US strategy to exploit Afghanistan’s minerals fails — report

KABUL (TCA) — The United States has not increased efforts to exploit Afghanistan’s mineral wealth since the White House unveiled the plan a year ago as a way to offset war costs, the US Special Inspector General for Afghanistan Reconstruction (SIGAR) said in a report on July 31, Russia’s Sputnik news agency reported.

“Nearly one year after the Trump administration made the decision to recommit to Afghanistan, US extractives sector programming remains relatively minimal,” the report said. “The scale and scope of these programs are far more modest than previous US efforts, which amounted to hundreds of millions of dollars in support.”

The US Agency for International Development (USAID) told SIGAR that assisting Afghanistan to develop its extractives sector is a component of the administration’s new South Asia strategy.

But how that component will be fully developed has not yet been determined, SIGAR noted.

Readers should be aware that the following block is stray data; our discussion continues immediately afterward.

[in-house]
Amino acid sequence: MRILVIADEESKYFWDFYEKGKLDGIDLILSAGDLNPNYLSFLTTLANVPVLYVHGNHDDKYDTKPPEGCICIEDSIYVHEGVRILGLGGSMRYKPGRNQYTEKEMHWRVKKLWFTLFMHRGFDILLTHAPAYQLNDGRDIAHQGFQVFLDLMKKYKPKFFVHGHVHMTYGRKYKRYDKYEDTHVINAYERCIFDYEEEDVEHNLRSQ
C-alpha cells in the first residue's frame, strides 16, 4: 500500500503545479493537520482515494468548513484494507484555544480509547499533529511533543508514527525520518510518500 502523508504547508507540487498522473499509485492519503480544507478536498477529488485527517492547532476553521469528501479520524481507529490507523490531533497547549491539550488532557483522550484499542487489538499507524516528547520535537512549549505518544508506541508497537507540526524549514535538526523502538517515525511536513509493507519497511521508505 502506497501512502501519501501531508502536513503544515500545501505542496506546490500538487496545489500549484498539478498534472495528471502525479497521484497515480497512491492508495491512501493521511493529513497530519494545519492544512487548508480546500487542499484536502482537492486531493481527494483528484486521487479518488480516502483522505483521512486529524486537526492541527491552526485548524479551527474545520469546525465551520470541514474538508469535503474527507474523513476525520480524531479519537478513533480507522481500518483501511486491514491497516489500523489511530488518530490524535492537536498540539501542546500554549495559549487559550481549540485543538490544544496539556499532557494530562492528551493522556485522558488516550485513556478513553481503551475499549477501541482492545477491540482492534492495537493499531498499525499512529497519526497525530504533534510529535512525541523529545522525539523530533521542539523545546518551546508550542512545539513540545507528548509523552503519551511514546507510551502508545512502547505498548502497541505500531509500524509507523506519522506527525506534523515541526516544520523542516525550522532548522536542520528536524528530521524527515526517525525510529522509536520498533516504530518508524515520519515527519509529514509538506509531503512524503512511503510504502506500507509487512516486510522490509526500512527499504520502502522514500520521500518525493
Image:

President Donald Trump and Afghan President Ashraf Ghani in a meeting in New York last fall agreed that there were opportunities for US companies to rapidly develop Afghanistan’s rare-earth minerals to help fund the war.

The US Defense Department in 2010 estimated that Afghanistan’s mineral wealth could be worth up to $1 trillion. SIGAR previously reported that the estimate is too optimistic because the US and Afghan governments have repeatedly underestimated extraction costs while overestimating market value.

Sergey Kwan

TCA

Sergey Kwan has worked for The Times of Central Asia as a journalist, translator and editor since its foundation in March 1999. Prior to this, from 1996-1997, he worked as a translator at The Kyrgyzstan Chronicle, and from 1997-1999, as a translator at The Central Asian Post.
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Kwan studied at the Bishkek Polytechnic Institute from 1990-1994, before completing his training in print journalism in Denmark.

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